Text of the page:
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- Adv. Anonymous

This is a newly started series of articles which will revolve around the events and life of an advocate, which will include few light-hearted satirical articles and others on the actual problems faced in the legal system and society.


This blog is only for purpose of satire (not that it lacks in life of an advocate) and for harmless humor.             

    Don’t put in high hopes or get misguided by the title. I will not be sharing any courtroom drama or comical exchanges happening in the real courts nor would I be sharing any secrets to becoming a successful lawyer. (there can be only one Mr. Jethmalani)

disclaimer :-

this article is work of pure fiction and 
any resemblance to real life or living 
person is mere COINCIDENTAL. 
  And just to make it clear from this very instance, NO, irl we do not shout ‘Tarikh pe Tarikh’ in courts, coz that’s not how hearings in the Indian courts work, for the matter of fact nowhere around the world such things happen. 

   Even if we tried to be the lawyer, the actor portrayed in the said movie, we would definitely get our advocate license suspended (I guess not, that would be too harsh). But, surely the judge would give us an earful, enough to last for a lifetime and not to forget, not being able to show our faces in that court ever again due to the utter embarrassment and the fool we would have made out of ourselves. So enough for the fiction, let’s get back to the reality.

   Advocates are the officers of the court and the protector of justice (sounds like tagline of Avengers or GOT), at least that’s what we have been taught in law school. But then you are not supposed to believe in everything you are told, coz hearsay evidence do not hold in the courts (that ones for my advocate friends).

    On a serious note, we always try to protect justice in the court, only when we get our favorable dates.

   We spend sleepless days and nights preparing the clients’ brief, obviously when the client has paid our fees in full. How else do you suppose we’d be able to pay for the 24 hrs unlimited internet connection and the best quality legal papers to be submitted in the court (which eventually will be rotting in a corner of the court for years, ‘so much for sustainable development’).

    We travel from one court to another, sometimes up to five courts in a single day, from one end of the city to the other, which includes five different junior advocates being sent to those five courts (you do not expect us to go to a court just to take a date, we have better and important things to tend in the office with centralized A.C. and 20 staff doing ….).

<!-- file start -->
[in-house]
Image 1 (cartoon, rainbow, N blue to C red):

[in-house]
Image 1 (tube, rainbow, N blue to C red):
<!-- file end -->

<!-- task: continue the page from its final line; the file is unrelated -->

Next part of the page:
And not to forget the man hours we put behind the client meetings, are so extensive and exasperating. To explain a client the legal intricacy and legitimate obscurity (both terms means the same by the way) is not an easy task.

   By the way, it’s not a child’s play to remember and keep revising a 10 minutes argument and still not getting the date to argue (favorable to the judge and to me at the same time), for months.

  Being an advocate is easy said than done. Studying non-stop for 5 years just to get 40 out of 100 (coz it doesn’t matter even if you are a college topper, you might end up at the bottom of the barrel) is a feet to achieve.

   As law students, we are inculcated with the important qualities needed to become an advocate, if not successful then at least doable.

    Like quality of decision making whilst contemplating how to make sure 80% attendance in law school to be eligible to give the exams, when you clearly know what really matters is an internship under another advocate for practical exposure, is a dilemma of another level altogether.

    Spending thousands of rupees on authors’ textbooks for classroom study and as per teacher’s recommendation and eventually realizing that reading guides like Mokal and Jhabvala, one day prior to the exams are enough to clear them, are the first kind of defeat you accept gracefully.

    And then comes the struggle of coming from a non-legal family (ya.. nepotism exists here too, but that is a topic of discussion for another day) which stares in your face from day one of law school. 

   Seeing those belonging (legal background) knowing what ‘Nemo judex in causa sua’ means and you still trying to figure out the complete meaning and definition of law is the zeher ka kadva ghut joh haste haste peena padta hai (used for that extra dramatic touch).

    Running behind Advocates and Solicitors as an intern carrying briefs, Acts and textbooks (which might not be even needed in the court) not only takes care of your brains but your weight training too.

    But then the struggle and the lessons do not end there. Working as a junior advocate under a senior advocate for a year but not being able to open (let reading set aside) a single brief during that period helps to wipe out the word ‘zero tolerance’ from your dictionary.

   Where should I start about the free loaders. Taking advice from ten different lawyers (for free stating the same old money issues, which you can easily gauge by talking to them, is definitely a lie) and then engaging an advocate who you can find outside the courts making affidavits for Rs. 500/-.

    And not to forget about our non-legal buddies. You can never make them understand enough that not all advocates can advise you on criminal matters, some handle civil matters only and then being questioned ‘kaisa lawyer hai be tu’. (You can’t go to a software engineer to make bridges or a cardiologist for cosmetic surgery, can you?)

    All said and done, but the happiness of winning that one case which you have given all your efforts to and knowing that you have done right to someone is enough at the end of the day.

Everything in this article is fictional. Fictional because reality is bitter to be told or accepted.

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